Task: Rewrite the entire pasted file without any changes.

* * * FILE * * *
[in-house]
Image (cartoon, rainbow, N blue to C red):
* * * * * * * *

[in-house]
Image (cartoon, rainbow, N blue to C red):